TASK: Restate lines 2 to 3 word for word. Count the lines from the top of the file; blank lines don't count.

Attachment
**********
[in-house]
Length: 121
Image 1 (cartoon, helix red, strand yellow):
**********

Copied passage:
Length: 121
Image 1 (cartoon, helix red, strand yellow):